Passwater: Specifically, what are the newest findings on Pycnogenol and fertility?


Schoenlau: In a recent study carried out at the West Essex Center of Advanced Endocrinology (West Orange, NJ), Dr. Scott Roseff was able to improve the sperm quality of sub-fertile men. Sperms are extremely vulnerable to oxidative stress because they contain large quantities of polyunsaturated fatty acids (PUFA). The high amounts of PUFA make membranes of sperms very soft and flexible. The development of sperms takes 90 days. If during that time a man lives unhealthfully, is exposed to pollution, or just lives under heavy stress, the resulting oxidative stress destructs the membranes of the developing sperms. Because Pycnogenol is such a powerful antioxidant, it helps prevent destruction of sperm membranes. It is important to take Pycnogenol continuously over long periods of time, at least 90 days, the time necessary for sperms to get mature. In a study in Europe, 40% of couples having difficulties in conceiving because of sperm quality were successful after using Pycnogenol for a year.


Passwater: How about Pycnogenol and asthma?

Schoenlau: With asthma, you have a typical case where the immune system mistakenly perceives a harmless foreign substance like pollen or animal hair as potentially dangerous. As a result, the bronchi begin to swell causing severe breathing problems. Often the vicious circle occurring in inflammation causes asthmatic attacks to persist over long periods of time. The anti-inflammatory activity of Pycnogenol was shown by Dr. Ron Watson to be very helpful for people suffering from asthma. They were able to breathe more easily. Also, inflammatory mediators in the bloodstream were shown to be lower after supplementation with Pycnogenol.


Passwater: Could you also describe the connection between Pycnogenol and “economy-class syndrome?”


Schoenlau: Remaining in a sitting position for long periods of time during long-haul flights increases the risk of blood platelets forming a clot. When the blood clot travels to an artery in the lung, it may get stuck there and block blood flow. This “pulmonary embolism” often has a fatal outcome. Pycnogenol was shown in several studies to keep blood platelets in the bloodstream slippery. This helps to prevent the much-feared "pulmonary embolism".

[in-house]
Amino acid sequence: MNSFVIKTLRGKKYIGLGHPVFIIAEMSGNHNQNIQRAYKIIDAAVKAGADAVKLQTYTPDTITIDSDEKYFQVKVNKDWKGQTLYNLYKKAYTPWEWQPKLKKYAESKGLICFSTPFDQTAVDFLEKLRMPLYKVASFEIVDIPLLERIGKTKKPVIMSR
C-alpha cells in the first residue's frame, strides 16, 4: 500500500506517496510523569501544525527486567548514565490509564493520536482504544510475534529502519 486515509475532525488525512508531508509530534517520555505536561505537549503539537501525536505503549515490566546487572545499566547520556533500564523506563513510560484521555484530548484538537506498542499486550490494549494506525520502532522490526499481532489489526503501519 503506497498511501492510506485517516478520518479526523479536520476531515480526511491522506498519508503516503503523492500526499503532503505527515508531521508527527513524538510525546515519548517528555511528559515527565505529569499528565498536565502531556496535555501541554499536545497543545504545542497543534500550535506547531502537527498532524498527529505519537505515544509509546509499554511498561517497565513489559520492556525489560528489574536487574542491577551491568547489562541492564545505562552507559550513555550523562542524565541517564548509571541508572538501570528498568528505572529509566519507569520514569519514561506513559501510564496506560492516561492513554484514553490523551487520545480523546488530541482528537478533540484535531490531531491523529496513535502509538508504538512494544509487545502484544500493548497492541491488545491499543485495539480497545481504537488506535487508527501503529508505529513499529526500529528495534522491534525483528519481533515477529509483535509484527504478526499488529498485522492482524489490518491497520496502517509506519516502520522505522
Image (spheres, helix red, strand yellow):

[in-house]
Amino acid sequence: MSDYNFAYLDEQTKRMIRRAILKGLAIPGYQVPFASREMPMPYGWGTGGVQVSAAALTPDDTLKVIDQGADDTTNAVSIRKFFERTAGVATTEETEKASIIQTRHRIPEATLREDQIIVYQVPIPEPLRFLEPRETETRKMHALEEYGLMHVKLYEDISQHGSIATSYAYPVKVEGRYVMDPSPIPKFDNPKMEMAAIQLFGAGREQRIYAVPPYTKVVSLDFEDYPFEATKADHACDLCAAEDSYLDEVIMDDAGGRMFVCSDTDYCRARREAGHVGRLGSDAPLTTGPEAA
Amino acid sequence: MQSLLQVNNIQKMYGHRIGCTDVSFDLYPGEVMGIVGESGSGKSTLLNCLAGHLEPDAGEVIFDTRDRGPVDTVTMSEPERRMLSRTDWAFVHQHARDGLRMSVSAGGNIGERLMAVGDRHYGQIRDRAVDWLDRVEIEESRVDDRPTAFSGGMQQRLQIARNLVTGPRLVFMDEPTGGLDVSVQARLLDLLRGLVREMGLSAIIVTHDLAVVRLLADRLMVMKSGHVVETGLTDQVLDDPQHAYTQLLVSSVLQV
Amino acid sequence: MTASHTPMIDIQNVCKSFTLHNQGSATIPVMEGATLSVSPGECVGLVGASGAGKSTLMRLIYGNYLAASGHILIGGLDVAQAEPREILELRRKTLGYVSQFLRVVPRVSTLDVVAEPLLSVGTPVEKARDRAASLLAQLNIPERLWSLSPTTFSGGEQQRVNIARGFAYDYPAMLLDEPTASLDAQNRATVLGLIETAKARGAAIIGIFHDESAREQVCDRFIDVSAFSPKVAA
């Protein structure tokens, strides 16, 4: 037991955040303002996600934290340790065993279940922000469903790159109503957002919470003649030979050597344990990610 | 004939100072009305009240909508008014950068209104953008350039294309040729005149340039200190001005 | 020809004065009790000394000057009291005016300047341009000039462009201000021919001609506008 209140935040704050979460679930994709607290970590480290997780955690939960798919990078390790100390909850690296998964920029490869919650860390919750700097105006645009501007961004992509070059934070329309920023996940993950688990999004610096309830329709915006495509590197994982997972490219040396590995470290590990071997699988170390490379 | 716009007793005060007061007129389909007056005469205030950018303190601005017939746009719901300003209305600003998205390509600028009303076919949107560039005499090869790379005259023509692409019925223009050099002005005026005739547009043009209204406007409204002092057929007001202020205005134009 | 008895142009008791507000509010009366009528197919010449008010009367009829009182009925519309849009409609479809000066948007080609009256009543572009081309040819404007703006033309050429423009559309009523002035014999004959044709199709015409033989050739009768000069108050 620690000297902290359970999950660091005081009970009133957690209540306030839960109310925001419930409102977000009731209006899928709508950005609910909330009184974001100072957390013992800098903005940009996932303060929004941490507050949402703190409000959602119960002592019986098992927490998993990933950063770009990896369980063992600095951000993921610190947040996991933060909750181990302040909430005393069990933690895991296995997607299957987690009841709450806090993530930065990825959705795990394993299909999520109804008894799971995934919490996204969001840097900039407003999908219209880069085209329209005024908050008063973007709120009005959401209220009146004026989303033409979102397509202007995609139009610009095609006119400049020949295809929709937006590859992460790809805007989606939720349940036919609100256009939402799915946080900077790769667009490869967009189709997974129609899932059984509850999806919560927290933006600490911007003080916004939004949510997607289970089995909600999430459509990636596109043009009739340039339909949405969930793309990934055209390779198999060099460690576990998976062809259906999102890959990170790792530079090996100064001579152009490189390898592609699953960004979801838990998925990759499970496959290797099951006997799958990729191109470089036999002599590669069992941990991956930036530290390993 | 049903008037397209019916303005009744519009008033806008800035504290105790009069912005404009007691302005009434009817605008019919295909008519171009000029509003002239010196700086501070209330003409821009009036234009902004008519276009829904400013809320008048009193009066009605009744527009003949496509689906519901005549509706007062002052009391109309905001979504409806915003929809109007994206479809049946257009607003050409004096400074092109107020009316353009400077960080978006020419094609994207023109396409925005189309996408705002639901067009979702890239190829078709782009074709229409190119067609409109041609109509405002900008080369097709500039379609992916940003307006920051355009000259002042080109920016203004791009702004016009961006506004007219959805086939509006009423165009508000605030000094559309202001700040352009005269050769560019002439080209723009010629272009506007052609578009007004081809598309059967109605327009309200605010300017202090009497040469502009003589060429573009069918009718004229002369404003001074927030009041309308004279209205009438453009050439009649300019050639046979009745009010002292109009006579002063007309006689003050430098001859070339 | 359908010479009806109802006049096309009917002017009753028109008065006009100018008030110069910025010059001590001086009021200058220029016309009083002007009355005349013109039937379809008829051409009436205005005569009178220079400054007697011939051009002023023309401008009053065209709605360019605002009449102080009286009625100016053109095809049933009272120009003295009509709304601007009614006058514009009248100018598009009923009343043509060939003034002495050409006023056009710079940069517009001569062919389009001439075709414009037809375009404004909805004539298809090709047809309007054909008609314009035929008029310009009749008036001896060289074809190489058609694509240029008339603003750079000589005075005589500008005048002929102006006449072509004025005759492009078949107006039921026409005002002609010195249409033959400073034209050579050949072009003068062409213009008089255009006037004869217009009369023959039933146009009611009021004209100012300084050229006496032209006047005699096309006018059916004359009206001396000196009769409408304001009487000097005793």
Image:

A much more common problem, though surely not life-threatening, is the phenomenon that lower legs and feet become swollen because the increased venous blood pressure in the lower limbs causes small capillaries to leak plasma into the surrounding tissue. Pycnogenol strengthens and seals brittle blood capillaries and has been shown in several clinical studies to counteract swellings in feet and lower legs. However, the phenomenon most people experience when they take Pycnogenol on long-haul flights is that their shoes fit when they arrive!


Passwater: What is the current overview of Pycnogenol and skin health?

Schoenlau: Pycnogenol’s biochemical actions are a dream for people formulating products for skin care. Pycnogenol has a high and specific affinity for collagen and elastin. Like a “magic bullet,” it finds its way to collagen and elastin, binds to them and acts there locally as a powerful antioxidant! Studies show that Pycnogenol bound to collagen and elastin prevents their degradation by free radicals and destructive enzymes.


Studies have also shown that Pycnogenol helps produce new collagen fibers. This helps make skin smoother and more elastic. Pycnogenol supports a better microcirculation, thus supporting better water, oxygen and nutrient supply and also better waste removal. Pycnogenol gives the skin a more vibrant glow.


Passwater: Are there any new safety studies or other safety data?


Schoenlau: Very recently, Pycnogenol was affirmed as GRAS (Generally Recognized As Safe). A panel of independent toxicology experts reviewed the toxicology data on Pycnogenol for the U.S. Food and Drug Administration (FDA). According to a leading safety expert, Dr. George Burdock (a member of the American Board of Toxicology), the available safety data on Pycnogenol are so numerous and compelling that the GRAS status of Pycnogenol was achieved with ease. Particularly because Pycnogenol has not only been well-tested for safety in animal studies, but the tolerance in humans is also well documented. Pycnogenol can safely be taken continuously.


Passwater: Thank you, Dr. Schoenlau, for bringing us up to date on the research with this powerful and unique antioxidant. WF


© 2003 Whole Foods Magazine and Richard A. Passwater, Ph.D.